What Chevy really said: “Hey, it’s like the ripples on the water. Eventually, they fade away, so you drop another pebble in the water and new ripples appear. Unfortunately for Blake, he isn’t one of those new ripples.”

What Chevy says to Jets Nation…

They’re gonna get an opportunity to see a team that has grown. You know, the process was started…from the moment that we took over, the idea of what we were going to do and how we were going to do it…the seeds were planted. Those seeds took a while to germinate. They took a while to start growing. We have one of the best ownership groups in the league, because they know that there’s a plan in place and they know that they’re gonna stick to that plan.”

What Chevy really said: “We have a plan with no beginning and no end, Grasshoppers.”

Patti Dawn Swansson has been scribbling about Winnipeg sports for 47 years, which means she is old and probably should think about getting a life.

Will Blake Wheeler want to hang around if the Winnipeg Jets can’t win?

I cannot survive in a 140-character world, so here are more tweets that grew up to be too big for Twitter…

Blake Wheeler
Blake Wheeler

So, you’re Blake Wheeler, sitting in the Winnipeg Jets changing chamber.

You look around. You see all those freshly scrubbed faces, with less fuzz than a well-used tennis ball. You have arrived at your peak years as a National Hockey League worker. You are at your most productive, on the scoresheet and in team-related intangibles. But you remind yourself that there’ll be 30 candles on your next birthday cake, in August. More than anything, you want to win. Alas, you cannot win, not with team ownership/management operating the NHL’s equivalent of a day-care centre.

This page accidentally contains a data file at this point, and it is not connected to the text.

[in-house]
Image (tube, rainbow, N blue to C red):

Given that you are contracted to wear Jets linen until 2019, you might feel trapped. So, do you get on the blower to your agent and demand he get you the hell out of Dodge? Or do you buy into this youth build and play the part of the loyal foot soldier? After all, you might be wearing the ‘C’ on your Jets jersey next autumn. Unless, of course, the deep-thinkers in the Secret Society that is True North Sports & Entertainment anoint one of the sprigs, such as Mark Scheifele or Jacob Trouba, team captain.

It’s a tough call.

I don’t know Blake Wheeler, but I do know professional athletes, and what they want most is to succeed. That’s why you won’t see players, as a group, tanking. Ownership and management tank (hello Mark Chipman and Kevin Cheveldayoff), but players do not tank.

So I can’t help but wonder what Wheeler is thinking these days, as opposed to three years ago.

For me it was virtually a no-brainer,” the Jets power forward told news scavengers after putting his signature on a six-year contract in July 2013. “I sat down with my agent in April or May and we had the discussion. I looked him in the eyes and said, ‘This is where I want to be.’ I believe in people like Mark Chipman and Chevy, what everyone stands for and especially my teammates. I have believed since I got here that we have what it takes to get to the next level, so this is just part of that process. I truly believe that great things are in store for this group.”

Much of that group in which he expressed faith has been dispatched hither and yon, including his longtime stablemate, captain Andrew Ladd. The next level remains the next level. There have been no great things. And he has already heard his head coach, Paul Maurice, advise one and all that the Jets’ growing pains will not be short-term.